Demise for Farquhar’s situation isn’t just terrifying and agonizing, yet in addition hinders to be to some degree entertaining. Farquhar’s demise is absolutely guaranteed, men are waiting at the place of his hanging armed to the neck just in case he decides to run, yet despite everything he envisions the likelihood of breaking free and the possibility of surviving and that may be the craziest thing he could have imagined. Having the ability of flight and soaring through the skies is the very carbon copy of freedom, being able to soar in all that open air, and to feel the wind kissing your wings as you are gliding through the sky. This was how the Hawk in “Hurt Hawks” coped with his desperate sad reality of him not being able to soar amongst the heavens any longer, he would escape into his dreams but would get slapped in the face with reality. But this was paying to be more difficult than imagined, the speaker sees the bird suffering noticing he wasn’t getting better so he then states, “We had fed him for six weeks, I gave him freedom, He wandered over the foreland hill and returned in the evening”. When an animal like the hawk who is a poster child for freedom gets injured and loses that gift, what can you give them to help their situation? Give them the freedom they desire and politely put them out of their suffering so he can be free to roam for eternity. The similarities are uncanny between the Hawk and Farquhar but they do not stop there, in fact if you look a little bit closer you can see that their previous traits all lead to something that they both regretfully had to share as well. They both remorsefully had to be encountered with very disastrous consequences, death.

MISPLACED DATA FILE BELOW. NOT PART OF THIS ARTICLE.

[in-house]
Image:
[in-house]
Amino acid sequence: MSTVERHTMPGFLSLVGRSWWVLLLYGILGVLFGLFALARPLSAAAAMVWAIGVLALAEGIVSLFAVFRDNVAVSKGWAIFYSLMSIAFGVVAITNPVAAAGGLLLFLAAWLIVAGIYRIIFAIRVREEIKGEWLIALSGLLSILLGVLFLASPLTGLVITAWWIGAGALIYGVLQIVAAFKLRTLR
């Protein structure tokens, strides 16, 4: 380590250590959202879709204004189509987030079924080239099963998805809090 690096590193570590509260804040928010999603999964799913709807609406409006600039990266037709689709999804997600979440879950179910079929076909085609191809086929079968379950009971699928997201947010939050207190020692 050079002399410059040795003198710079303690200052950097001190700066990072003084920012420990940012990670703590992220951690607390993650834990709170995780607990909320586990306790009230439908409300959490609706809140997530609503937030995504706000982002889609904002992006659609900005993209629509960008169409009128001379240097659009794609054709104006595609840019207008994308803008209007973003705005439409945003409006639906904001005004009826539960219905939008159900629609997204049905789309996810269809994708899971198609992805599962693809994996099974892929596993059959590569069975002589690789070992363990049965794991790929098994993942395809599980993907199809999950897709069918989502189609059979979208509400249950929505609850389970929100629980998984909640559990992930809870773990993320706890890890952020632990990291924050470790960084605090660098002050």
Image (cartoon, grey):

Upon the reading of “An Occurrence at Owl Creek Bridge” we realize that Farquhar has been hung and passed on when he starts describing a heaven like place, the speaker began to illustrate “He dug his fingers into the sand, threw it over himself in handfuls and audibly blessed it. It looked like diamonds, rubies, emeralds; he could think of nothing beautiful which it did not resemble. The trees upon the bank were giant garden plants; he noted a definite order in their arrangement, inhaled the fragrance of their blooms. A strange roseate light shone through the spaces among their trunks and the wind made in their branches the music of Aeolian harps. He had not wish to perfect his escape — he was content to remain in that enchanting spot until retaken. “

Farquhar doesn’t perceive this place to be anything he knows, the music and attractive plant life all lead to the assumption of a heaven like place. As for the Hawk in “Hurt Hawks” we discover the birds passing of the real world to the next when the speaker states, “but what Soared: the fierce rush: the night-herons by the flooded river cried fear at its rising Before it was quite unsheathed from reality”. This was used to symbolize the Hawk being freed from his dying body and gets to fulfill his true wishes of flying forever.